• Robin Riopelle, Deadroads. Wikipedia says there are still 26,000 speakers of Louisiana French alive today, so I guess this novel’s frequent use of it in scenes set in the near past is plausible, but forgive me if I’m suspicious of whether a Canadian writer may have romanticized or exaggerated it a little. Anyway, this seems like a decent contemporary urban fantasy about siblings who have special powers or duties connected to dealing with ghosts and who have to track down a murderous one or something.
  • Jenna Helland, Theros: Godsend, Part I. I’ve never read a Magic: The Gathering novel, so I don’t know if this one is typical, but it did a pretty good job at what I would expect from one: leaping into very unrealistic but interesting fantasy situations as quickly as the imagery on the cards does. In this case, there was stuff right away about gods fighting in the sky that I took a while to try and picture for myself, and I liked a few other details that likewise featured the simple, colorful qualities of the game. Apparently, whatever edition of MtG this story is based on has a Greek mythology flavor to it, and that comes through strongly, but I think a number of things about it are original too. Anyhow, at two bucks and 124 pages, the cost of being wrong about this seems low.

Board game rank change report for 2014Q1

Every quarter, I compare the current board game rankings at BoardGameGeek with the rankings from three months ago to see what new games have appeared and what old games have enjoyed sudden surges in popularity. Games tend to climb the charts more slowly in the overall ‘Board games’ category, so I list them when I see a jump of +100 ranks, whereas in other categories I only note jumps of +200 ranks. Sometimes classic games are added to new categories and will jump up for probably no other reason. Also, I only keep track of the top 500 games in each category from quarter to quarter, so it’s theoretically possible for a game to gain ranks slowly and never show up. But with those caveats in mind, here are some lists of games that have popped up on the charts in the past quarter.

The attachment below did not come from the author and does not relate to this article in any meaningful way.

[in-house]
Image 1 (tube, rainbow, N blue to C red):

Fast, positive movers among 'Board games':
014 (+143) Caverna: The Cave Farmers
051 (+109) Nations
059 (+228) Eldritch Horror
060 (+160) Russian Railroads
194 (+161) Lewis & Clark
220 (+232) Concordia
274 (+226) Glass Road
281 (+106) Amerigo
297 (+203) Euphoria: Build a Better Dystopia
318 (+167) Firefly: The Game
329 (+171) Advanced Squad Leader: Starter Kit #2
370 (+130) BattleLore (Second Edition)
373 (+127) Advanced Squad Leader: Starter Kit #3
378 (+122) Francis Drake
392 (+108) Bruxelles 1893
396 (+104) 1775: Rebellion
Fast, positive movers among 'Strategy games':
199 (+301) BattleLore (Second Edition)
223 (+277) BattleCON: Devastation of Indines
273 (+211) A Study in Emerald
Fast, positive movers among 'War games':
019 (+481) Advanced Squad Leader: Starter Kit #3
020 (+480) Advanced Squad Leader: Starter Kit #2
043 (+457) BattleLore (Second Edition)
067 (+255) The Hunters: German U-Boats at War, 1939-43
165 (+335) Diplomacy
256 (+244) Sails of Glory
Fast, positive movers among 'Family games':
055 (+445) Ingenious: Travel Edition
069 (+431) Mahjong
088 (+352) Steam Park
128 (+372) TurfMaster
151 (+349) Blueprints
222 (+278) Fantastiqa
287 (+213) Cinque Terre
Fast, positive movers among 'Collectible games':
012 (+488) Warhammer: Diskwars
016 (+484) Dungeon Command: Blood of Gruumsh
021 (+479) Star Realms
109 (+318) Huntik: Secrets and Seekers Trading Card Game
114 (+386) Xia: Legends of a Drift System
Fast, positive movers among 'Thematic games':
058 (+442) Zombicide Season 2: Prison Outbreak
098 (+402) Space Cadets: Dice Duel
117 (+383) TurfMaster
156 (+344) Police Precinct
185 (+315) Leader 1: Hell of the North
203 (+297) CV
216 (+284) Silent Death
227 (+273) Galaxy Defenders
229 (+271) HeroQuest Advanced Quest
276 (+224) Dark Moon
289 (+211) Super Fantasy: Ugly Snouts Assault